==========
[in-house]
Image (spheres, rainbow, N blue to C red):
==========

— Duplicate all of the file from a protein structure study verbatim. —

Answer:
[in-house]
Image (spheres, rainbow, N blue to C red):